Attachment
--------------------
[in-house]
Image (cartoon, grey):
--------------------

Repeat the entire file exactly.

[in-house]
Image (cartoon, grey):